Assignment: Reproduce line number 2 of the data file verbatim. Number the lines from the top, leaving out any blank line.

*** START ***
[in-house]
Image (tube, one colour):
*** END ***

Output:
Image (tube, one colour):